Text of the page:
Comrade Bernie's disturbing Marxist past, which is far more extensive than what can be covered in this short article, shouldn't be treated as a mere historical footnote. It clearly illustrates that Sanders' brand of "democratic socialism" is much more than a $15 minimum wage and calls for single-payer health care. It's full of Marxist philosophy, radical revolutionary thinking, anti-police rhetoric, and even support for authoritarian governments.

Millions of Americans have been tricked into thinking Sanders isn't the radical communist the historical record — and even Sanders' own words — clearly show that he is. But the deeper I have dug into Comrade Bernie's past, the more evident it has become that his thinking is much darker and more dangerous and twisted than many of his followers ever imagined.

Tomorrow night, don't miss Glenn Beck's special exposing the radicals who are running Bernie Sanders' campaign. From top to bottom, his campaign is staffed with hard-left extremists who are eager to burn down the system. The threat to our constitution is very real from Bernie's team, and it's unlike anything we've ever seen before in a U.S. election. Join Glenn on Wednesday, at 9 PM Eastern on BlazeTV's YouTube page, and on And just in case you miss it live, the only way to catch all of Glenn's specials on-demand is by subscribing to Blaze TV.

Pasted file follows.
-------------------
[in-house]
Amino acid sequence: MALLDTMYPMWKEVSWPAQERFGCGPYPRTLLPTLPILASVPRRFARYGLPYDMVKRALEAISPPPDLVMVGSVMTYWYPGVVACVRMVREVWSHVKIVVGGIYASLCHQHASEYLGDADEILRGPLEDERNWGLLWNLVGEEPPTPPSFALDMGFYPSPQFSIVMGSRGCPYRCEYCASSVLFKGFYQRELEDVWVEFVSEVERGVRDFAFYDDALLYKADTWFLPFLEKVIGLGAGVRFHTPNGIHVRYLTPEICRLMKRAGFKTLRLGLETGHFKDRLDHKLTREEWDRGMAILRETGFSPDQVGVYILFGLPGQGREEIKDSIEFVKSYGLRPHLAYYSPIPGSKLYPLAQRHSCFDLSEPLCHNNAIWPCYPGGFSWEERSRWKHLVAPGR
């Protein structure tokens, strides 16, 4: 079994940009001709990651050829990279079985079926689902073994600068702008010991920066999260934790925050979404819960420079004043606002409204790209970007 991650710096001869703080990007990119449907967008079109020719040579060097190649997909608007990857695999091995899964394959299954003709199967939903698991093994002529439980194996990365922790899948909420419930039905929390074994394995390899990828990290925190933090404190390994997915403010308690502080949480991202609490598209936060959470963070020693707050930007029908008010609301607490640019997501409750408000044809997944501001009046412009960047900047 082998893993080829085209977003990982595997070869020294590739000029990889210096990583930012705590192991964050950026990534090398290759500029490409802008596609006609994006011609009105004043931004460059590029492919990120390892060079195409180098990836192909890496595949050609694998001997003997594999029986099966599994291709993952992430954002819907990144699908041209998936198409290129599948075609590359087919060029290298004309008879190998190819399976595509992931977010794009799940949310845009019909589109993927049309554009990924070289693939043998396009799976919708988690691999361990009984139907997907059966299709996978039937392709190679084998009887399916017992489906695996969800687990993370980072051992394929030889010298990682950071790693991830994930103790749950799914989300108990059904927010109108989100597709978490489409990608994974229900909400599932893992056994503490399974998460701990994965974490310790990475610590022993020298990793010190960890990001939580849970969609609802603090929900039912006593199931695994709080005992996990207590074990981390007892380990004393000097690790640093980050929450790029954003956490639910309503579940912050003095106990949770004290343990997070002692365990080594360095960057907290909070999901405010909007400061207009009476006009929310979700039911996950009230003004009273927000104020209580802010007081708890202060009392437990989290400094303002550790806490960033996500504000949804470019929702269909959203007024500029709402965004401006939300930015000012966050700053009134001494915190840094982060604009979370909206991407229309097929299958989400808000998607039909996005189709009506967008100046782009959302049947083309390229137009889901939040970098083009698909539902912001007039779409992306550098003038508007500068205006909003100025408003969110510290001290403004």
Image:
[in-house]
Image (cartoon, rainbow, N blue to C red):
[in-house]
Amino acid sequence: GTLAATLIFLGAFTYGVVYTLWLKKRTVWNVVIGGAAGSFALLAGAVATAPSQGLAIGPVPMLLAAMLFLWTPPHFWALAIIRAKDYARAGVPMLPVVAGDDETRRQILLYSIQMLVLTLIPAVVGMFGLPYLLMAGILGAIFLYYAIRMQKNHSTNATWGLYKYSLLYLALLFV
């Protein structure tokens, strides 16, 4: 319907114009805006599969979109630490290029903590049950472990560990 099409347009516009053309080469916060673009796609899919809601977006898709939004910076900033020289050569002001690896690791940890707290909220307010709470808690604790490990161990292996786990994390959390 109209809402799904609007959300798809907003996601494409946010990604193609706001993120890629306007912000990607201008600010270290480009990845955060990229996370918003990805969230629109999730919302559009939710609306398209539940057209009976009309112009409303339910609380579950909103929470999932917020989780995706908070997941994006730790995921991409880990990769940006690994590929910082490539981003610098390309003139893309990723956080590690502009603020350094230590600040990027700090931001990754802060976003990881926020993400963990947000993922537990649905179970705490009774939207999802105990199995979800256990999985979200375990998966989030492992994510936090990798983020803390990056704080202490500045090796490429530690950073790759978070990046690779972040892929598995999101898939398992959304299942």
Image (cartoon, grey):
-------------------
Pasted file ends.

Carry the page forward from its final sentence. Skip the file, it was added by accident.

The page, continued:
Justin Haskins ( is editorial director of The Heartland Institute and editor-in-chief of

Candace Owens, BLEXIT founder and author of the upcoming book, "Blackout," joined Glenn Beck on Friday's GlennTV for an exclusive interview. available only to BlazeTV subscribers.

Candace dropped a few truth-bombs about the progressive movement and what's happening to the Democratic Party. She said people are practically running away from the left due to their incessant push to dig up dirt on anybody who disagrees with their radical ideology. She explained how -- like China and its "social credit score" -- the left is shaping America into its own nightmarish episode of "Black Mirror."

"This game of making sure that everyone is politically correct is a societal atom bomb. There are no survivors. There's no one that is perfect," Candace said. "The idea that humanity can be perfect is Godless. If you accept that there is something greater than us, then you accept that we a flawed. To be human is to be flawed."

Enjoy this clip from the full episode below: